Jones arrived on the scene and
brought them in. Bert Eiledge was
also docketed for being drunk and
given $5 and costs for the affence
which he will work out for the city
on the streets. Eiledge was arrested
by Officer McCrary.
Peter Ilalmes, one of the leading
farmers of this locality had a car
load of hogs on the South Omaha
market Friday that brought the top
price for the day, $14.80. These hogs
were raised bv Mr. Ilalmes and his
sons and are among the best that
has been on the South Omaha mar
ket and the price they brought is a
demonstration that the hogs were of
the best. The sale of the hogs was
made through the firm of Ralston &
Fonda, and John D. McBride, former
sheriff of Cass county, was the sales
man to dispose of this fine bunch of
Cass county stock. Mr. McBride is on
the Omaha market and recognizes
that Cass county products are among
the very best that can be found any
J. II. Meisinger and son Adam of
Cedar Creek motored to this city to
day to attend to some business mat
ters and visit with relatives and
riends. Mr. Meisinger, Sr., gave this
office a pleasant call.
C3 ii rcS ii Too
We have in stock a fine selcection of
Hand Cultivators,
and many other tools for the man that wants
to reduce the cost of living by raising a nice
3 r j
M s
S 3 U. 2
Fourkm Groups ol Guards Urdereu
to Poli-e Eastern District.
j Washington, D. C, March 25
i Pi esi i-jnt Wih'on took steps today to
i place the naticij on a war footing.
IP executing order h- directed that
the r.a" V be recruited without delay
to fuil authorized war strength of
j fcTVJ erd.-teu men. laKon in con
I nccticn with emergency naval con
j struct -vn already ordered, this means
that the president has exercised the
full limit of his b. gal powers as
mander-h.i-chief t prepare the
for war.
navy For
he army, the president di
rected that two new military d?part-
racnis ne enaieu m uie .-iuhiii;
. - j i . . i 1 1 . i : ..
fhe older means that
the ta-k of
armv congre:-
organising whatever
n: a v authorize will
' l"- U1VI among six departmental
j commnndors instead of four in the
:f speed an 1 efficiency in
third slop was to assume as a
i! duty the ta.-k of protecting
American, industries, from domestic
dhordcrs in the event of hostilities.
For this purpose eleven full infantry
regrncnts, two separate battalons and
ere separate company of the National
guard were called hack into the fed
eral service to act as national police
in important districts. Supplement
ing there troops, a regiment of Penn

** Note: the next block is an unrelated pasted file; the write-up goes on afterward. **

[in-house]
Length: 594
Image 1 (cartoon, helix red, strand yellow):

sylvania guard and two companies of
Georgia infantry, enroute home from
the border for muster-out, were or
dered retained in federal service.
The president's orders were made
known in terse ofticiel statements is
sued by both departments. No ex
planation accompanied them except
the statement that reorganization of
the military departments effective
May 1, was designed to facilitate de
centralization of command.
Following is the executive order
bringing the navy up to war
"By virtue of the authority vested
in the president by the act of con-
he Plehawka Mills
arc now Rolling and
The Popular Cass County Brand of Flour
Also a Full Line
. ST.
JOS MALCOLM, Head Miller.
For Sale by All Dealers
giess approved August 29, 1910, en
titled 'an act making appropriations
for the naval service for the fiscal
year ending June 30, 1917, ar.d for
other purposes,' it is hereby directed
that the authorized enlisted strength
of the navy be increased to 87,000
The navy must enroll immediately
aproximately 20,000 men to reach the
lequired strength. Secretary Daniels
vupiemented the order tonight with
personal telegrams to newspaper edi
tors all over the country urging them
to aid the department.
Unclaimed Letters
Mrs. Ike Bates
Mrs. James Cagley
Mrs. Alice Cass
E. P. Kildow
Mrs. Ethil Tunner
B. F. Livingston
Above mail unclaimed and will be
sent to the Dead Letter Office April
:, 1917.
D. C. Morgan, Postmaster.
Yesterday afternoon a number of
the base ball enthusiasts of the city
assembled at the base ball park for
a workout as a preliminary step to
ward the formation of a team for
this year. A number of the young
players who are prospective material
for the team were on hand and worked
out with the veterans and the show
ing made was very pleasing to the oi l
members of the team and looks good
toward making a fast team for this
season. There is plenty of good ma
terial at hand that can be used for
he formation of the team if they will
turn out and practice and get ready
for the opening of the season. As
soon as the players get a thorough
working out and the team is lined up
the organization will be completed by
the election of a captain and the
boys will get down to business.
$1,000.00 FOR QUICK SALE.
Six-room house, 2 lots, well, cistern,
outbuildings and fine garden spot, be
tween Sth and 9th on Walnut St. J.
W. Holmes. 3-20-tfd
Manufacturing the
of By Products!